Do Grandparents Bring Anything Special To Raising Their Granchildren?
By Anna K. Molony
In days gone by the older generation were respected for the wisdom they brought to the community and the family. They were caregivers who could look after the youngest children while parents worked in the fields They were the people who were the guardians of history, customs, traditions and practices of the community.
They were the teachers that each new generation turned too for advice. In these days of extended education, world wide travel for work and pleasure together with instant access to advise and information from all manner of sources through the internet, how much has the grandparent role changed?
The simple answer to the role grandparents can play as care givers is that it invariably depends on how close the grandchildren live to the grandparents. In purely practical terms the closer grandparents live to their grandchildren the easier it is for them to take on the role of caregivers.
If grandparents live close they are often willing and able to share nursery and school run duties, or act as babysitters to provide the parents with some usually much needed relaxation time.
Most grandparents enjoy having some special time taking charge of their grandchildren for a few hours because this is when they can really get to know them and build a close bond of love and
trust which benefits both young and old.
Often during these times grandparents will read to the child or tell them traditional stories, teach them old rhymes and songs passing on the oral traditions of the family (and ‘tribe’). Invariably grandparents (and parents) will start talking and singing to grandchildren when they are tiny babies and will often be looking deep into the babies eyes to see if the baby is enjoying the interaction.
Interestingly, recent research by Cambridge University indicates that this sort of communication with the adult making sustained eye contact with babies and small children really helps the baby learn to communicate both a verbal and non verbal sense.
In other words children who learn not just the words but also how facial expressions and gestures add to the meaning, helping the child gain the social skills needed to make friends and interact successfully with others.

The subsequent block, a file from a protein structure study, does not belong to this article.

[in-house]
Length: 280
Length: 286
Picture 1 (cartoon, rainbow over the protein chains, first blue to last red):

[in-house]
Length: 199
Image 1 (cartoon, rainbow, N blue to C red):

As good as many day care and nursery settings are, very few offer the level of staffing that facilitates this degree of interaction with the children they look after so quality time spent with grandparents can really help with this aspect of child development as well as the more rou- tine care aspects of feeding and keeping clean safe.
Whilst it is true that in these days of significantly increased literacy and access to the internet, parents are as likely to draw advice on childcare from people outside the family as from their parents, there is still a role for grandparents in passing on some of their skills and knowledge to their grandchildren particularly in terms of those with practical application like playing games, cooking, gardening or arts and crafts.
Grandparents often have the time to teach whilst many parents are constantly rushing to keep up with the time pressures of a full time job, moving up the career ladder and the many routine tasks to keep a family and home in good order.
Many retired or semi-retired grandparents can offer the luxury of time and patience that little people need as they explore the world, whether it be little legs tottering round the garden to examine the plants or small fingers learning to grip a spoon and mix the ingredients for cakes or cookies.
Playing ball, learning to ride a bike, playing in the park, sharing a puzzle or board game are all good fun for both child and grandparents which bring the added benefits of healthy exercise, developing co-ordination and learning to count and take turns, which while also taught at nursery and school can be extra special if shared with a grandparent who is not pressed for time and perhaps has a set of old games that mummy or daddy enjoyed when they were little.
In addition, all those every day tasks such as sweeping or helping with washing the dishes or feed the dog seem like a shared adventure into the adult world to be gleefully embraced by small children but with the hidden bonus of helping them develop.
For those grandparents who live far away from their grandchildren it can be disappointing not to be able to help care for or play with their grandchildren on a regular basis but with regular
contact on Skype or FaceTime it is possible to become so familiar with each other that they can quickly make the most of precious holidays together when they can play and give practical care. As someone who never never met or even spoke to one of my grandmothers because she lived abroad and not easily visitable, I for one am so pleased to be able to maintain a strong connection with my gorgeous grandchildren through this technology and get straight down to helping when they visit.